May 2018 Archives

California Supreme Court adopts ABC Test and makes it more difficult to classify workers as Independent Contractors

By: Kyle D. Kring

On April 30, 2018, the California Supreme Court in Dynamex Operations West, Inc. v. Superior Court, made it much more difficult for businesses to properly and legally classify workers as independent contractors as opposed to employees. In a significant and long-awaited ruling, contained in an 82-page opinion, California's highest court clarified the test to determine whether a worker is an employee or an independent contractor for purposes of claims under the California Industrial Wage Orders which regulate the wages, hours, and working conditions (such as required meal and rest breaks) of California workers. Industry experts have estimated that classifying workers as employees, instead of as independent contractors, can increase costs by 20-30 percent. The greatest impact of this new test will be on those companies that hire "independent" contractors to perform work that would generally be considered a core part of the company's business.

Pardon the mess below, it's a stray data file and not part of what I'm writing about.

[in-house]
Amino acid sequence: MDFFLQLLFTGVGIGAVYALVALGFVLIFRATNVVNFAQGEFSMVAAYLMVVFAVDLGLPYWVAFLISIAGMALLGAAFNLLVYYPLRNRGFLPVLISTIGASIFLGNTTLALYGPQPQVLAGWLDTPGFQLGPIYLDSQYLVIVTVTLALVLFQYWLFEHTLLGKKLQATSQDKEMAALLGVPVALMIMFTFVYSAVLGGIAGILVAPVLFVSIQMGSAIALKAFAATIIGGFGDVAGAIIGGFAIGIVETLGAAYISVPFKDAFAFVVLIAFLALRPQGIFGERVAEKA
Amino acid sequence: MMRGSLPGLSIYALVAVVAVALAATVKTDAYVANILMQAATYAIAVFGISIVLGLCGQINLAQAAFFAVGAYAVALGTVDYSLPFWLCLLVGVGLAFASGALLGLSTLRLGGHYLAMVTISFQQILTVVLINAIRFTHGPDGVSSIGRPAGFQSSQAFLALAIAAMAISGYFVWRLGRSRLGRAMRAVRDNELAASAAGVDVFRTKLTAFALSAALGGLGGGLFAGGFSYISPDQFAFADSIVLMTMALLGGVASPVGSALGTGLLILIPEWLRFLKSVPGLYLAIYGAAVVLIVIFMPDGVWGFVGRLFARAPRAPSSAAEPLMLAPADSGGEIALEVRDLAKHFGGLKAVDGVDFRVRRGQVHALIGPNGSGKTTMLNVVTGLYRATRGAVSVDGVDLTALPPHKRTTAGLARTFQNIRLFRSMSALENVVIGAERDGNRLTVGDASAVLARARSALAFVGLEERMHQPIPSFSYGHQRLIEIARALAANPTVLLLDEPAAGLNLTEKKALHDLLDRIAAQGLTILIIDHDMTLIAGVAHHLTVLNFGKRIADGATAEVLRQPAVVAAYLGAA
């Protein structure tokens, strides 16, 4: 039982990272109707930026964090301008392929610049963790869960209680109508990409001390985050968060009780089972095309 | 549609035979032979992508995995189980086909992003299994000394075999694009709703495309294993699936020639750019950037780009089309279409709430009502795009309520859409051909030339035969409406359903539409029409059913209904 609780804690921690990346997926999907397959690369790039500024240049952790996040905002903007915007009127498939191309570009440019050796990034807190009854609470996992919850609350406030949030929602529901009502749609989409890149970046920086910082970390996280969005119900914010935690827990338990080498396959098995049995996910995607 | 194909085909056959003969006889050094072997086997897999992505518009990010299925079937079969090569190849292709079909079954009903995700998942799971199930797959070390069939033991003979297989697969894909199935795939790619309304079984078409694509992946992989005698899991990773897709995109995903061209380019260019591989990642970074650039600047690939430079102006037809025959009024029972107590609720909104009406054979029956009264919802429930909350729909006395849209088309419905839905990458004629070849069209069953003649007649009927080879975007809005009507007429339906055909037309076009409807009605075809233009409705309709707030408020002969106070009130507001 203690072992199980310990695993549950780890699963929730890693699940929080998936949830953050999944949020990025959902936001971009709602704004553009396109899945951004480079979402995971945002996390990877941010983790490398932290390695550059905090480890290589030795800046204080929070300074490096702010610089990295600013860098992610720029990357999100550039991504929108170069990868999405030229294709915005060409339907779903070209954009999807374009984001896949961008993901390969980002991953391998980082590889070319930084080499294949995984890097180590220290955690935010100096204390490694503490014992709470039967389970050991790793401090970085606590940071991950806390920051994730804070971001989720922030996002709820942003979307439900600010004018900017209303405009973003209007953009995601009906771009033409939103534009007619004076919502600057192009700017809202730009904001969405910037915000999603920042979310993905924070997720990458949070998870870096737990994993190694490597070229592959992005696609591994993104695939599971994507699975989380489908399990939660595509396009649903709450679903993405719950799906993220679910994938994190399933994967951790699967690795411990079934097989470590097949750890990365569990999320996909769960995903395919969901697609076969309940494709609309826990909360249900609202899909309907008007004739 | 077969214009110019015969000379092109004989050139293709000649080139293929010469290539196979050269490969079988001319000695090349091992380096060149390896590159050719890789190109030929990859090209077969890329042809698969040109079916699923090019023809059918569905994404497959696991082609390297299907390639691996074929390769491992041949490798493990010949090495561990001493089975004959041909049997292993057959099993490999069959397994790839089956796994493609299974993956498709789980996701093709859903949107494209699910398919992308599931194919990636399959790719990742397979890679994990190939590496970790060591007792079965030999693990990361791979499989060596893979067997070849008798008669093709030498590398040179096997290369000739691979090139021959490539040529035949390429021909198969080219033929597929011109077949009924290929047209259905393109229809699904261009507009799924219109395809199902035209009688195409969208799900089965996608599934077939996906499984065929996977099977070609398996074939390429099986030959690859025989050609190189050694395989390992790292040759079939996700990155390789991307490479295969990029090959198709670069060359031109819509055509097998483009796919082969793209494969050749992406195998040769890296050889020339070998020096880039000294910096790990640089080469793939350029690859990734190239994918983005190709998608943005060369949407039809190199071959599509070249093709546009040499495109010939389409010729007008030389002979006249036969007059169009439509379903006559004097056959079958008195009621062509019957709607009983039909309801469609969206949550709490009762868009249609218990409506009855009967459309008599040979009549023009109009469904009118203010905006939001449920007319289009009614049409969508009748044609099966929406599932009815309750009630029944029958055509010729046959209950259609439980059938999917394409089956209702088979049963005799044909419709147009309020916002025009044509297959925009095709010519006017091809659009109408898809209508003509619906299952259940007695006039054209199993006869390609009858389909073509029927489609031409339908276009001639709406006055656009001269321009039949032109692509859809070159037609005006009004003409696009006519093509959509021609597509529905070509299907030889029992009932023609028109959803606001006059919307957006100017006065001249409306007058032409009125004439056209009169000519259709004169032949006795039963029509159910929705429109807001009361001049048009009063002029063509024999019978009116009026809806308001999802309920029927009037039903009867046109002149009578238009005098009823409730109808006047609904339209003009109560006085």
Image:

The Supreme Court adopted a simpler to apply, but more difficult to establish "ABC Test" to determine whether an individual is an employee or independent contractor. The ABC Test is currently used in Massachusetts and New Jersey. The Court essentially scrapped the existing test for determining employee status, which was used to assess the amount of control the employer had over the worker. That test looked at 10 factors that had varying degrees of importance.

U.S. Supreme Court Affirms Enforcement of Class Action Arbitration Waivers in Employment Agreements

By: Kyle D. Kring and Kerri N. Polizzi 

In a long-awaited decision in Epic Systems Corp. v. Lewis (2018) 584 U.S. ____, the United States Supreme Court held that employer's can enforce arbitration agreements requiring individual arbitration of employment claims. The Court determined that such agreements violate neither the National Labor Relations Act ("NRLA") nor the savings clause of the Federal Arbitration Act ("FAA").

Congress enacted the FAA to explicitly address and combat judicial hostility to arbitration. As such, the law provides that arbitration agreements "shall be valid, irrevocable, and enforceable."

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